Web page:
My husband and I took a much needed trip this month to visit family and friends for a 1-week vacation. It’s always nice to get away and it feels like I was able to ‘unplug’ a bit faster this time than in the past (usually it feels like it takes at least 2 days to get used to not thinking about work). Two years ago, we went all in on a full BEV (battery electric vehicle). We are a one-car household, so it gets a good deal of use, but mostly for ‘around-town’ types of driving – pretty much in-county short trips and weekly to/from the office or work, grocery shopping, etc. Our home set up is nothing fancy – a 110 outlet on our porch, enough to keep us charged up enough for our driving needs.
One of the biggest issues with EV hesitation on adopting electric cars is what EV users call range anxiety. The amount of electricity needed to power the vehicle can fluctuate a lot depending on the types of roads and the conditions in which you are driving on (is it flat or hilly terrain?, are you using highway or country roads?, do you need air conditioning or heat?, etc.). Long trips can be more stressful as a result as there is the added task of planning your route around when you might need to charge and where those charging stations are.
We began our trip with an unexpected complementary charge from an Electrify America station to start off with as much battery as possible and made a short stop about another 2 hours into our drive – just in time for a lunch break. We likely could have made it mostly to our destination, but wanted to avoid the stress of running too low. We charged up again after we arrived to have plenty of energy for our expected driving for our first few days – part 1 of our trip. Each charging stop lasted about 20-30 minutes.
We continued on to part 2 of our trip and spent a wonderful few days with family and spent an extra day driving around and doing some sightseeing. We charged during our journey while having lunch and then again after a few hours on the road the next day on our route back home. We topped off at a good midway point and then again at the end of our trip (with another complimentary charge from EA).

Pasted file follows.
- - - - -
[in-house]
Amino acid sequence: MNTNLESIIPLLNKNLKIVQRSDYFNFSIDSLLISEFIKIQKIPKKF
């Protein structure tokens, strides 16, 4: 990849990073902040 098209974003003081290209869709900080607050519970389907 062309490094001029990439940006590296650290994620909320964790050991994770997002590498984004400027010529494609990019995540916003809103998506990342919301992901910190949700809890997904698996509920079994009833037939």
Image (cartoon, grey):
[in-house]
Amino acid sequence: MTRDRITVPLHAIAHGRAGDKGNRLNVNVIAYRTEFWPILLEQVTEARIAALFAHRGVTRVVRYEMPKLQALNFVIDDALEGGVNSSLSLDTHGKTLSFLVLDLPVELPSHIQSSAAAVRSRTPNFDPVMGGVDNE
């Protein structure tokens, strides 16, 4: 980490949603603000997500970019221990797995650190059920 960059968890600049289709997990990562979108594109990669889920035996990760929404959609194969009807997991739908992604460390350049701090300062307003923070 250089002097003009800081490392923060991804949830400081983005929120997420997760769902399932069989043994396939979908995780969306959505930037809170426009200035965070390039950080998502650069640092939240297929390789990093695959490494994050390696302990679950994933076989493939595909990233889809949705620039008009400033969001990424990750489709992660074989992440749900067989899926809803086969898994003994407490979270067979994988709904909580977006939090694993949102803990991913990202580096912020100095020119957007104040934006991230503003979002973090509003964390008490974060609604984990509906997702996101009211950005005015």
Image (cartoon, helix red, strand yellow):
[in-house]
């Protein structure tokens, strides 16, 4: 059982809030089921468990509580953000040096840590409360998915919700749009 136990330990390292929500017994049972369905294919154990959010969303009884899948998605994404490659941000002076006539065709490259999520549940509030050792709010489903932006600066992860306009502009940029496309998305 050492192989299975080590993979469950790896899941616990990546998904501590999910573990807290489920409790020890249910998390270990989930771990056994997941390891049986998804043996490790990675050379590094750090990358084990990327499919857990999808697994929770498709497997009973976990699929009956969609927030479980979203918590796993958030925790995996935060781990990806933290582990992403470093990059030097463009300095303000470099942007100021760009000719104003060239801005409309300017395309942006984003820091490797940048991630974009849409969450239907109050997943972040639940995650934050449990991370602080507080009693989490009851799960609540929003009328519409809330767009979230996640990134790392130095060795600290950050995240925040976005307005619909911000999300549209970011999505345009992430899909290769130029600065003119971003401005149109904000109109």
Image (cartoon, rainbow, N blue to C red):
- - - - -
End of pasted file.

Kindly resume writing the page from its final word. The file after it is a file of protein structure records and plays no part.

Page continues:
The total cost for charging was a little under $50 for about 800 miles of driving for the trip. We estimate that using our old gas car would have needed 3 full tanks for the same trip (maybe more as our day-trip involved a lot of stop and go traffic) – likely close to $150 total. As a point of comparison – the fast chargers currently cost between .40 and .50 per kWh whereas home charging costs us about .10 (we power mostly with solar). Even with the higher ‘on-the-road’ rates, we still walked away with a $100 savings in gas for the week. That makes me pretty happy.
To bring this around to a marketing themed message — in many ways, marketing is about education. People have a lot of misunderstandings about EV’s and part of the challenge to adoption revolves around a lack of education. Ride share events and EV Car Shows where actual owners can share their real world experiences are an important part of a marketing plan that can help accelerate adoption. Being informed about current incentives (state and federal) also help those who are considering a purchase. When we educate about our products and services through our marketing, it is important to continue to show why something is important or how it can improve your quality of life, or how it can save you money. When we educate, we are working in the marketing space. Our real world, honest experiences provide part of the narrative and can be quite powerful. Share your stories, work on getting your information out and keep at it! Over time, in combination with your other marketing work, these things can make a difference.